2.3. Statistical Analyses

For each measure, descriptive statistics were calculated for the total sample and by age group. Differences between age groups were evaluated using multivariate analysis of variance (MANOVA) for the continuous variables and chi-square tests for race and gender. Correlations between the health indicators (total pain locations, comorbidities, pain interference, and pain severity) and the self-efficacy indicators (self-efficacy for pain management and self-efficacy for coping with other symptoms) were calculated to check for multicollinearity (results are not presented). A hierarchical multiple regression model was used to examine age group, race, sex, years of education, total pain locations, comorbidities, pain interference, pain severity, self-efficacy for pain management, and self-efficacy for coping with other symptoms as independent predictors of patient satisfaction with pain management.

To explore potential moderating effects of age group, interactions between age groups and the health (total pain locations, comorbidities, pain interference, and pain severity) and self-efficacy (management of pain, coping with other symptoms) indicators were also included in the model. Demographics were entered in Step 1, health and self-efficacy variables in Step 2, and interactions in Step 3. All continuous variables were converted to -scores, thus allowing the variables to be centered for forming interaction terms and be equivalently scaled. None of the variance inflation factor (VIF) values for the predictors or interactions exceeded five, which is commonly used as a cutoff for high multicollinearity [15].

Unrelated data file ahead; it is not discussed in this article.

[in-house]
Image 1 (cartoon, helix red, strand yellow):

3. Results

3.1. Demographic Characteristics

The sample included older non-Hispanic Black and non-Hispanic White patients (), with a mean age of years. More than half the total sample was female (57%) and self-identified as non-Hispanic White (82%). Patients reported living with an average of two chronic medical conditions () in addition to cancer. For the total sample, patients reported moderate levels of pain severity (; 0–10), with comparable reports for pain interference (; 0–10). Similarly, participants rated to be relatively satisfied with their pain treatment (; 0–5).